the problem of violence: a societal norm

According to the American Psychological Association:

By the time the average child who watches 2-4 hours of TV a day finishes elementary school they will have witnessed at least 8,000 murders and 100,000 acts of violence.[1]

This is powerful conditioning.

url-1Studies repeatedly show that this kind of exposure can lead to aggression later in life.  Of course the debate against this argument is that, “its just good entertainment, it doesn’t change behavior!”   It just so happens that the folks who love this argument, are also the ones who produce this content.  It’s funny that they spend millions of dollars in advertising to persuade people to watch their shows.  If they are so convinced that media doesn’t have a powerful effect on behavior then they should stop advertising their content through television.

Since none of us, including me, are going to ditch our flat screen TV’s or put or Netflix accounts on hold, what do we do about this culture that we’ve created?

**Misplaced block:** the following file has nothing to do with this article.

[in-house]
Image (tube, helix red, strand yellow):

Here are some suggestions to create a different culture:

-Limit TV exposure in your homes.  Don’t be a Nazi about it, but something that I am grateful for now is that my mom made me read an hour if I wanted an hour of TV time.  And as a child I loved TV, so I read.

-Talk about violence that you see in your homes.  When kids get old enough they are going to start asking why people shoot up schools or beat people up.  Talk to your kids about it and allow them to ask questions.

-Model an alternative in the home.  A child will invariably ask you, “What do I do if someone hits me?”  Most parents I know say that you hit them back.  Not to say that Desiree and I have it all figured out, but other kids hit our girls all the time and what we teach them is to put a hand up and say, “stop don’t touch me.”  Obviously this works because our kids are really young.  When they’re older this may not work out so well.  We want to teach our kids to stand up for themselves but to be honest when they get a little older; I’m not really sure how we will go about doing this.

-Show your kids correct response.  So many times we respond in a way that does not fit the situation.  When you blow up at something little, guess what your kids learn the correct response is to something little?

-One of the things that studies continually show is that language builds culture.  Aggressive language usually builds an aggressive culture.  Model peaceful language at home and your kids will pick up on it.

What will you do to evaluate the culture that you have already created in your house?  What do you do to stop violence before it starts?


[1] Gushee & Stassen.  Kingdom Ethics: Following Jesus in a Contemporary Context. Chapter 7

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